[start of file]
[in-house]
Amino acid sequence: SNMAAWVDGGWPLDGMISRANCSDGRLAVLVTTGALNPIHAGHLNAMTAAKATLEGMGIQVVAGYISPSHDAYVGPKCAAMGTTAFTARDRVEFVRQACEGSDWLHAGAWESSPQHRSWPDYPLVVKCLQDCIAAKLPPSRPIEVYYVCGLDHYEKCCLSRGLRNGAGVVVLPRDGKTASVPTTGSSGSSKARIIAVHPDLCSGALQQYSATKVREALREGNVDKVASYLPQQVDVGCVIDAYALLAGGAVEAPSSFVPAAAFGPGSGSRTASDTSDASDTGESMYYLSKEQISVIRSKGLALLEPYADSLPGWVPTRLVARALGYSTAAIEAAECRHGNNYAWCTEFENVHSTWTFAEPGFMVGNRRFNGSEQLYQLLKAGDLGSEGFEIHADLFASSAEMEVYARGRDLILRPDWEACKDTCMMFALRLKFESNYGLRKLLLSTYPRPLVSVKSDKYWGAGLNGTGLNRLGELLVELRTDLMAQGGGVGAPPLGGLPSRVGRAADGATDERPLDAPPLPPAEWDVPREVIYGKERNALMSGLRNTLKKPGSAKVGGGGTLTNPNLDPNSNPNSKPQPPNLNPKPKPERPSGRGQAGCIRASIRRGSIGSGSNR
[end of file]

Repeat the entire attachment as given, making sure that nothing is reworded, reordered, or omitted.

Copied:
[in-house]
Amino acid sequence: SNMAAWVDGGWPLDGMISRANCSDGRLAVLVTTGALNPIHAGHLNAMTAAKATLEGMGIQVVAGYISPSHDAYVGPKCAAMGTTAFTARDRVEFVRQACEGSDWLHAGAWESSPQHRSWPDYPLVVKCLQDCIAAKLPPSRPIEVYYVCGLDHYEKCCLSRGLRNGAGVVVLPRDGKTASVPTTGSSGSSKARIIAVHPDLCSGALQQYSATKVREALREGNVDKVASYLPQQVDVGCVIDAYALLAGGAVEAPSSFVPAAAFGPGSGSRTASDTSDASDTGESMYYLSKEQISVIRSKGLALLEPYADSLPGWVPTRLVARALGYSTAAIEAAECRHGNNYAWCTEFENVHSTWTFAEPGFMVGNRRFNGSEQLYQLLKAGDLGSEGFEIHADLFASSAEMEVYARGRDLILRPDWEACKDTCMMFALRLKFESNYGLRKLLLSTYPRPLVSVKSDKYWGAGLNGTGLNRLGELLVELRTDLMAQGGGVGAPPLGGLPSRVGRAADGATDERPLDAPPLPPAEWDVPREVIYGKERNALMSGLRNTLKKPGSAKVGGGGTLTNPNLDPNSNPNSKPQPPNLNPKPKPERPSGRGQAGCIRASIRRGSIGSGSNR